What Happens to Emergency Crews In Intense Heat?
SPRINGFIELD, Mass. (WGGB) — One call, and we’re off to Downtown Springfield, responding to a call for heat exhaustion, where we find a man lying in the street who had been out in the sun all day with no hydration. ”I was walking and he told me. My supervisor said he’d been there. He didn’t want to answer no questions,” a witness said.
Medics thought he was in bad enough shape that he needed to go to the hospital and ended up convincing him to do so. AMR Supervisor Patrick Leonardo says this is why vigilance is important. “The community to be a huge role, they do see somebody in distress, so it’s in their best interest to call 911 and we can intervene,” he said.
While riding along with AMR supervisors Jeff Soriano & Patrick Leonardo on this humid summer day, we find that the Monday after a long weekend is a peak time for calls, with crews dispatched all over the city.
In the last few days many responding to calls about heat related illnesses. “People can’t cool, they’re not properly hydrating themselves, it takes a very short time to become dehydrated, and if you’re elderly, or extremely young, you’re unable to regulate your hydration. It’ll affect you quicker and worse,” said AMR’s Western Mass General Manager David Pelletier.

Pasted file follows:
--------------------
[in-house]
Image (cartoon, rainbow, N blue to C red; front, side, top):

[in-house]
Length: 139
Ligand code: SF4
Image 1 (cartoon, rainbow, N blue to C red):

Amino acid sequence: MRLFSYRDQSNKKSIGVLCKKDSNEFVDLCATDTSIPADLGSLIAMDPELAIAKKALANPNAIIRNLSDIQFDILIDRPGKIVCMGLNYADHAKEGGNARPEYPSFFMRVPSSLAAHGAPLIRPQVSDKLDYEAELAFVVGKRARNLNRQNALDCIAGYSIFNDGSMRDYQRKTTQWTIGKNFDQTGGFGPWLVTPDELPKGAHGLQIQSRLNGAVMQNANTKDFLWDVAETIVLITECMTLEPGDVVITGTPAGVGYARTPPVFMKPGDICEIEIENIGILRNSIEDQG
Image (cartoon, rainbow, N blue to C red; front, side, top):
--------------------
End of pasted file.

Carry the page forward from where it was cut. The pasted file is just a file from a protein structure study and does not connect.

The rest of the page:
In fact, paramedics get so busy looking after others; they forget to hydrate themselves, which is why Jeff and Patrick also have to look after their crews. “The ambulances have very good ac. When they come out, they work hard but there’s always water available. Once in a while we’ll have popsicles and things, but the crews are pretty smart. They know what’s going on,” Pelletier added.
Both Jeff & Patrick say this is only the beginning, as heat intensifies in late July & August. If you don’t want to end up in the back of an ambulance, if you’re going to be out make sure you’re drinking water and staying away from caffeine and alcohol.
Pelletier also says folks with illnesses like hypertension need to be extra careful in extreme heat as well.